68

Kanji aren't necessary to write Japanese Your rationale is correct; Japanese is a living, spoken language; people are able to understand each other by sound only, therefore a writing system based on sound has to be sufficient. Some commentators have mentioned that Japanese speakers often allude to kanji when talking. That's true enough (and it probably ...


38

No. Japanese "haute cuisine" is called 懐石(料理). Mathematical analysis is 解析(学). What is true is that 懐石 and 解析 are homophones, both pronounced かいせき and, in context, both may be referred to as かいせき. However, they are not the same word. By the way, there are more homophones for かいせき, so he could have also said that "analysis" is the "same word" as bizarre ...


22

While the pronunciation is the same, the words' etymologies are unrelated. Mathematical analysis is 解析(kaiseki かいせき) while (Japanese) fine cuisine is 懐石(kaiseki かいせき). Both 解 and 析 roughly stands for "understanding", "taking apart". For example, 解説(kaisetu) means "To orally explain", 分析(bunseki) means "To analyze". On the other hand, 懐(kai) refers to ...


21

The very answer to your question is why I like Japanese so much. As you noticed a same word can be written with different kanji: that is not limited to verbs. If kanji changes meaning changes too (that is especially true concerning verbs, nouns are more subject to stylistic preferences: eg. かっこいい(casual form)・恰好良い(old form)・格好いい(normal form)). In order to ...


21

This is definitely a bit harder for native English speakers to pick up on at first, but sometimes homophones in Japanese are distinguishable by the pitch accent. So some of them aren't an issue at all. But of course some words do sound exactly the same. So how do you tell those apart? Easy: context. Kanji aren't "necessary" to distinguish between homophones;...


18

It depends on what you're writing, I would think. If you're writing a note to yourself, like "Call Suzuki-san later", of course you could guess or just write it with kana. If you're writing something to the person themselves, I tend to write it in katakana. I don't know why, but this seems to be politer, in a sort of neutral way. But this is just my ...


18

From http://dict.hjenglish.com/jp/jc/はかる 計る - to measure (quantities and in general) “計る”指计数物品的数量。转义为计划。如“计划时间”、“量体温”、“计算数量”、“筹划组织的将来”等。 (「計る」は、物の数を数えること。転じて、計画すること。「時間を計る」「体温を計る」「数量を計る」「組織の将来を計る」など。) 計る is used for counting/measuring the number of something. It can also mean "to plan". (General word for measuring things) 時間を計る - Plan a time 体温を計る - ...


17

When you type in the word, many IMEs will also display a side dictionary with supplemental information. On my PC, for 川 is says: (一般的)川が流れる、川を渡る、三途(さんず)の川. For 河, it says: (限定的)(外国の)大きな川。→川. Hence, 川 is general while 河 is limited in usage and typically represents (foreign) large rivers. In addition, 河 often refers to the Yellow River (黄河). That being the ...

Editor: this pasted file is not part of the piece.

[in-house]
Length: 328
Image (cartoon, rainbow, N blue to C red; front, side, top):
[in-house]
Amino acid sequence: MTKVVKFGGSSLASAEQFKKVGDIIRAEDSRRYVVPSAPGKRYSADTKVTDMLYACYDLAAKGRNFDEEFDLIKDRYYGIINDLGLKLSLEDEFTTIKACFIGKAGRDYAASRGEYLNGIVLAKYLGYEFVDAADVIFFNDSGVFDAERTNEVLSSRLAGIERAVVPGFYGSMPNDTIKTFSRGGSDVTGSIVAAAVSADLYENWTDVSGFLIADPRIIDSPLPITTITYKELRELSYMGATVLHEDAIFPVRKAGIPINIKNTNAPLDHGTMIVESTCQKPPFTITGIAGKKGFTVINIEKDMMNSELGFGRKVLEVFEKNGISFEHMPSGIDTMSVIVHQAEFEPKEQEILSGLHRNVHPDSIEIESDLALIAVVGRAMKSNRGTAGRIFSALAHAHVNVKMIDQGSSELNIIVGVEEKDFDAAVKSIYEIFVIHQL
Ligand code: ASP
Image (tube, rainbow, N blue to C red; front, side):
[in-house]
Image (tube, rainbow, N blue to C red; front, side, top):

13

They do have differences in usage. I've gathered a few examples that, I hope, differentiate the meanings. First, I'll try to put them in English: 上る Go up 登る Climb 昇る Ascend / rise But I don't know how helpful that is. Certainly there isn't a one-to-one mapping between those English words and those ways of writing のぼる. I think you'll get a better sense ...


13

The OP's comment just now is on the right track: 小猫 certainly could be just a small cat. 仔猫 would be more common in science, but for a different reason than you guessed: 仔 is actually the correct character for a child animal, but it's not one of the 1945 -- er, 2136 as of last year, is it? -- 常用漢字. Since 子 looks and means almost the same, it took on the ...


12

In English and most other languages, words as part of spoken language and words as part of written language are in a 1-to-1 mapping. In Japanese, 漢字 are just a means for expression, and so there exist both many-to-1 (e.g. こんじつ & きょう -> 今日) and 1-to-many (e.g. みる -> 見る, 観る, 看る, ...) mappings. To describe what 漢字 you have in mind, you usually give more ...


12

Before answering the question, I would like to clarify one thing: for most purposes, [物]{もの} and [者]{もの} are not two separate words, but a single word もの which has two kanji notations depending on its meaning. This is clearer when we consider compound words such as にせもの. When someone uses the word にせもの, it is not always clear even to the speaker whether it ...


12

When I see 聴 my mind basically jumps first to 音楽を聴く. As mentioned this has the meaning of listening to something with some sort of interest in it. You might want to connect it to the word 傾聴, which means "to listen intently," or roughly that. Of course you can use 聞く in that sentence but that kanji has a broader meaning of hearing in general. The difference ...